Worms are one of the lowest maintenance pets you could possibly have. They require very little care and attention, and they are inexpensive to obtain. Moreover, for those children who are fascinated by all things that crawl and wriggle, worms are a fantastic pet. And parents will love the fact that worms just love feasting on scraps from the kitchen, so there is no food source outlay involved at all.
What Do Worms Like to Eat Most?
Although worms enjoy lots of different food types, there are those that are their absolute favorites. Worms enjoy consuming fruits high in natural sugars that break down quickly such as cantaloupe, watermelon, honeydew, squash, and pumpkin. They also like to feed on things such as banana peels, apple cores, carrot peelings, kale, lettuce, and potato skins.
The fact that worms will consume most kitchen waste is great news for some, but this does not mean that you should use your worm habitat as a waste bin. There are certain foods that you should avoid feeding your worms in high quantities, particularly meat, bones and any oily or greasy food. Citrus fruit should also be avoided, as well as vegetables such as onion, garlic, and leeks.
In addition to fruit and vegetable waste, you could even feed your worms on things like scarps of cardboard, plain paper (avoiding glossy varieties), eggshells, tea bags, and used coffee grounds.
How Often Should You Feed Your Worms?
There is a temptation to feed worms as and when kitchen scraps become available, but overfeeding is not a good idea. A worm can consume its own body weight in food every day, so depending on how many worms you have, you should only feed the same volume of food that you have worms.
To begin with, feed small amounts of food at a time. Make sure that any uneaten food has not been buried deeper than 5cm and only add more food when you see that the worms have eaten what has already been provided. It is important not to allow uneaten food to accumulate. Also, it is easier for worms to digest food that has been chopped into smaller pieces, so this is something that you could get into the habit of doing before feeding it to them.
Why Aren’t My Worms Eating?
Healthy worms will usually consume the food that has been placed in their habitat quite quickly, so if you notice that food is accumulating without signs of being eaten, you will naturally be concerned as to why your worms have stopped eating.
You may be surprised to hear that the environment in which the worms are being kept can affect their appetite. Improper moisture levels in the habitat is probably the most common reason for worms to stop eating. If the soil is too dry, the worms will become dehydrated and will start to shrivel up. Without intervention on your part, this will lead to death.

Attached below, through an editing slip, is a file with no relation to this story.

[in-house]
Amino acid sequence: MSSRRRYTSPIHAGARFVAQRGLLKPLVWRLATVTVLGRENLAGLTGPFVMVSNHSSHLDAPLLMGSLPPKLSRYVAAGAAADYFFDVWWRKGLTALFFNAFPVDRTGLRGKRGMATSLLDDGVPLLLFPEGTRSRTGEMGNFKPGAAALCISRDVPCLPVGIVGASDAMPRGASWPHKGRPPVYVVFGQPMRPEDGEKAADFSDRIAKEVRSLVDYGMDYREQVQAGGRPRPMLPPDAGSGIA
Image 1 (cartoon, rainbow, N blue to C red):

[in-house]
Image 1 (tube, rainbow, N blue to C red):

If the soil is too wet, the worms will likely move to the top to avoid the moisture, which can also affect their ability to thrive. You might even see that they are trying to escape. While the soil in a worm habitat should be moist, it should not be saturated.
The pH levels of your worm’s habitat can also be a problem. This issue is almost always caused by feeding certain foods to the worms. Remember, the worm habitat is not a food or general waste bin. While these creatures do love to eat scraps and convert what they eat to compost, if you are feeding them the wrong food then it can result in changing pH levels, which will then affect the wellbeing of the worms. As already mentioned, it is best to avoid meat and citrus, but you should also avoid dairy products such as cheese.
If you are worried that pH levels might be the cause of your worms not eating, you can buy a pH meter to check the levels to ensure your pets are in a suitable environment at all times. Click here for a selection of pH meters on Amazon, if you are interested.
Worms make great pets, particularly for children. Having a pet worm will give them a sense of ownership and responsibility. Worms are easy to care for and as long as they are fed the right foods, they will produce natural fertilizer that parents can then use for their plants. It is a win-win all round!
- Featured Image (Giant Palouse Earthworm): Chris Baugher – This file is licensed under the Creative Commons Attribution-Share Alike 2.0 Unported license.
- Allolobophora chlorotica HC2: Holger Casselmann – This file is licensed under the Creative Commons Attribution-Share Alike 3.0 Unported license.
- European Nightcrawler: Trevor Reid – This file is licensed under the Creative Commons Attribution-Share Alike 4.0 International license.
- Aporrectodea caliginosa: Smithsonian Environmental Research Center – This file is licensed under the Creative Commons Attribution 2.0 Generic license.
- Enchytraeus albidus: Paul Bachhausen – This file is licensed under the Creative Commons Attribution-Share Alike 3.0 Germany license.